Ah, the infamous CTA—an elemental staple in the every day of marketers. CTA stands for Call to Action. A Call To Action is an instruction that illicits response from a user on a website. This could be an invitation to become a subscriber to a site's newsletter, a whitepaper or PDF for you to download, or even a simple "Get Started" button to seamlessly introduce users to your business model. It’s important to have an obvious CTA on your site because you want to give your audience a direct path to take. To look at umpteen examples of elegant CTAs, take a look at our friend Hubspot's round-up. Shameless plug: Möbius does CTAs, too.
6. Got Social?
Every website should link to the social media profiles that represent the same company. This is normally done via social buttons, as users know to look for them. Social media is vital to a company’s online presence, and under almost any circumstance, every company should have at least one outlet for social presence. It’s a platform to inform and find your company easily, but most importantly it’s where the company can engage directly with customers, and vice versa. Social gives your company a voice and opens the conversation from a one-way street (website presence) to a two-way street (social media engagment). Your social identity enables customers to ask questions, review your products, and connect with your brand.
7. Where do you live?
You location should be obvious on your website. Again, this is all about the user experience. The user shouldn't have to search around for where you are located or how to contact you. Your name, address, and phone number (known in the biz as your NAP) should be easy to find and understand.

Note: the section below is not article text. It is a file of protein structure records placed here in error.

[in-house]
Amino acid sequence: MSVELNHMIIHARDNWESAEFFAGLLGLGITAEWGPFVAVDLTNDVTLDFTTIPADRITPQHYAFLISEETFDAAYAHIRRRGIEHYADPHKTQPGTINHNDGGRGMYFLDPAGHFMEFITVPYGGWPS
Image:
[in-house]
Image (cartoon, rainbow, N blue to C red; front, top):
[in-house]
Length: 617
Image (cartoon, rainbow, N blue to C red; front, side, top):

Apart from these 7 questions to ask yourself about your site, you can also do other tests to help your SEO. You can do a site responsivness and mobile-friendly test, check for your https encryption (checks how secure your site is with users’ information), or if your site has amplified mobile pages (AMP).
As a site user, there is nothing more annoying than wasting time clicking around a site because you know that the information is there, but you can’t find it. If you start with this quick site edit, you can gauge which steps will be needed to increase your site visibility, to ensure your online presence is powerful, and to create a better experience for your users while making your relationship stronger.
Here is me mid-audit of a site definitely going on the naughty list...